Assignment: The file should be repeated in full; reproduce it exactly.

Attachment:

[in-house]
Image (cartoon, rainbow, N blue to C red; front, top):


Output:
[in-house]
Image (cartoon, rainbow, N blue to C red; front, top):